September 2016
Volume 57, Issue 12
Open Access
ARVO Annual Meeting Abstract  |   September 2016
Aetiology and injury patterns of orbital fractures across age groups in a tertiary centre in Singapore: A retrospective study of 333 patients.
Author Affiliations & Notes
  • Kailing Yong
    Singapore National Eye Centre, Singapore, Singapore
    Singapore Eye Research Institute, Singapore, Singapore
  • ian loh
    ENT, Changi General Hospital, Singapore, Singapore
  • sunny shen
    Singapore National Eye Centre, Singapore, Singapore
    Singapore Eye Research Institute, Singapore, Singapore
  • Footnotes
    Commercial Relationships   Kailing Yong, None; ian loh, None; sunny shen, None
  • Footnotes
    Support  None
Investigative Ophthalmology & Visual Science September 2016, Vol.57, 3048. doi:
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      Kailing Yong, ian loh, sunny shen; Aetiology and injury patterns of orbital fractures across age groups in a tertiary centre in Singapore: A retrospective study of 333 patients.. Invest. Ophthalmol. Vis. Sci. 2016;57(12):3048.

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      © ARVO (1962-2015); The Authors (2016-present)

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Abstract

Purpose : The purpose of the present study was to investigate the trauma mechanisms and resulting orbital fractures in elderly patients and to compare them with those of younger adults.

Methods : This retrospective study evaluated 333 subjects who sustained orbital fractures between 2011 to 2015 in a tertiary centre in Singapore. All patients had radiological confirmation of orbital fractures on computed tomography scans. The subjects were divided into young (≤40 years, n=126), middle-aged (41 to 65 years, n=106) and elderly (>65 years, n=101).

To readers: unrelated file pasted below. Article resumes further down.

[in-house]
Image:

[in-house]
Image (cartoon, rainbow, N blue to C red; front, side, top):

Results : The mean age (standard deviation, SD) of the study population was 51.0 (21.0) years, and 242 (72.7%) were male. The mean number of orbital wall fractured was 1.71 (0.72), and the most common wall fractured was the floor (75.1%), followed by lateral wall (44.4%), medial wall (37.8%) and roof (14.1%). Forty-four percent of the injuries were associated with a zygomatico-maxillary complex (ZMC) fracture, and 13.8% of subjects had a concomitant intracranial haemorrhage. About one-third of patients (36.4%) had surgical intervention. The mechanisms of injury were significantly different across the 3 age group (p<0.001); The most common cause of fracture in the elderly was falls (80.2%), while in the young age group the most common causes were road traffic accident (31.7%) and assault (31.0%). For the middle-aged group, falls accounted for 40.5% of the injuries, road traffic accident 27.4% and assault 22.6% (Figure 1). There were no significant differences between the age groups and number of orbital walls fractured (p=0.97), associated ZMC fractures (p=0.15) and intracranial haemorrhage (p=0.51). Three patients had globe rupture and 4 patients had significant retrobulbar haemorrhage requiring immediate cantholysis.

Conclusions : Age-related factors predispose the elderly to falls and subsequent orbital fractures. A significant proportion of patients with orbital fractures were associated with intracranial haemorrhage and morbidity, hence orbital fractures should be strongly suspected in the elderly and a lower threshold for performing a scan.

This is an abstract that was submitted for the 2016 ARVO Annual Meeting, held in Seattle, Wash., May 1-5, 2016.

 

Figure 1: Mechanisms of injury across different age groups

Figure 1: Mechanisms of injury across different age groups

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